No luck after XWing, Swordfish and Color Pairs.

Post the puzzle or solving technique that's causing you trouble and someone will help

No luck after XWing, Swordfish and Color Pairs.

Postby vz » Sat Jan 14, 2006 2:50 pm

Do I have to resort to trial and error on this puzzle? I hope not.
I also tried naked triples.

000000012
072135086
010620073
700200300
020400800
100000200
000012730
287000140
351000620

Thanks in advance.
vz
 
Posts: 4
Joined: 14 January 2006

Postby QBasicMac » Sat Jan 14, 2006 3:53 pm

That "puzzle" has 952 solutions.

The interesting thing about multiple-solution puzzles is that Trial and Error works so well - No matter what you guess, you win! (Almost).

But conversely, despite there being 952 solutions, there is no non-T&E solution for any of them.

The non-T&E techniques work only on single-solution puzzles.

My advise, forget about getting puzzles from whatever source you have. There are plenty of reliable sources, this site for example.

Mac

P.S. Regarding your question in another thread about how the solver got the two solutions. The answer is that the solver used T&E. No other answer is possible IMHO.
QBasicMac
 
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Joined: 13 July 2005

Postby tso » Sat Jan 14, 2006 6:44 pm

Actally, trial and error is not required AND not helpful.

If a puzzle has several hundred solutions, NO method will help you arrive at whatever solution the creator of the puzzle had in mind. There is simply NOTHING you can do to come up with the solution "in the back of the book" short of looking in the back of the book.

I'm thinking of a digit that is greater than 1 and less than 4. What is it? Trial and error will NOT help you get the answer because there is no way for you to know if you have the right answer! You can guess -- but that won't help -- you still don't know if you have the answer without asking me. The puzzle as posed is NOT SOLVABLE. The only real solution is: "The number you are thinking of is either 2 or 3 but I do not have enough information to determine which", which does not require trial and error nor guessing.

The same situation exists with Sudokus that have multiple solutions -- whether it has 2 or 200. A certain number of cells will be solvable, and solving them could just as well be very easy as very difficult. At that point, you could either:

1) Say this puzzle is invalid as it has 2 (or 200 or simply mulitple) solutions.

or

2) Find both (or all 200) solutions.

Again, this could be just as well be easy or difficult. Guessing and trial and error will have no more part to play than in a standard puzzle.


On the other hand, if your goal is to merely fill in the muliple solution Sudoku so that there are no duplications in any row, column or box, you can CHOSE a solution -- you still are not guessing. The puzzle changes to "find a number greater than 1 and less than 4". No guessing is required. Take your pick.
tso
 
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Flawed Puzzle - Thanks

Postby vz » Sat Jan 14, 2006 7:09 pm

Thank you so much for your prompt and very useful reply. I spent some time trying to find the source of the puzzle but could not. It was one of the first I recorded. I now include the source of any puzzle I record.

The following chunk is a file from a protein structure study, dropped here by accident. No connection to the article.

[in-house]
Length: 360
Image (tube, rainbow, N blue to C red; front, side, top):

I am really trying to develop my logical solving skills (X-Chains?, etc). I am afraid some of the vocabulary is a bit beyond me. I have another puzzle that I am also stuck on. I could not find any chain, etc. I hope it is not another flawed puzzle: Would you give it a shot?

497152863
518030042
623804501
031500004
000400130
000301250
370285019
000013087
180040325
vz
 
Posts: 4
Joined: 14 January 2006

Postby QBasicMac » Sat Jan 14, 2006 7:11 pm

tso wrote:If a puzzle has [multiple] solutions, NO method will help you arrive at whatever solution the creator of the puzzle had in mind.


Agreed!:)

You can get "a" solution via T&E, but not "the" solution.

The only correct T&E answer is a list of ALL solutions. And that is only correct in some sense. As you indicated, the correct solution is really "This puzzle is bogus". They use that in logic a lot.

I have a sheet of paper. On one side it says "The statement on the other side is false". The other side says "The statement on the other side is true".

Question: Is the first statement true?

Answer: The question is bogus. Logic does not address such questions.

Mac
QBasicMac
 
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Re: Flawed Puzzle - Thanks

Postby QBasicMac » Sat Jan 14, 2006 9:48 pm

vz wrote:I hope it is not another flawed puzzle: Would you give it a shot?


It is not flawed. Try harder and start a new thread if you are having problems. Simple techniques will suffice. No X-Wings, etc.

Mac
QBasicMac
 
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Postby tso » Sat Jan 14, 2006 10:29 pm

Code: Select all
 4 9 7 | 1 5 2 | 8 6 3
 5 1 8 | . 3 . | . 4 2
 6 2 3 | 8 . 4 | 5 . 1
-------+-------+------
 . 3 1 | 5 . . | . . 4
 . . . | 4 . . | 1 3 .
 . . . | 3 . 1 | 2 5 .
-------+-------+------
 3 7 . | 2 8 5 | . 1 9
 . . . | . 1 3 | . 8 7
 1 8 . | . 4 . | 3 2 5


a) In box 6, r56c9 must be 6 and 8, so neither r4c7 or r4c8 can be 6 (or 8).

b) Because of (a) there are only two cells in row 4 that can hold a 6. Both are in box 5. Therefore, the other three cells in box 5 are not 6.

c) Since r3c5<>6 (r3c1=6) and r56c5<>6 (from (b)), r4c5 *must* be 6, as it's the last cell in column 5 that can still hold one.

Only singles are required after this. No pencil marks are needed.
tso
 
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Joined: 22 June 2005

Postby vz » Sun Jan 15, 2006 3:35 pm

Thank you both, QBasicMac and tso. I actually saw Q's post first and I went back and solved it. I am a bit ashamed that I missed the 6's restricted to 2 cells in 1 row. Thanks again.
vz
 
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Joined: 14 January 2006


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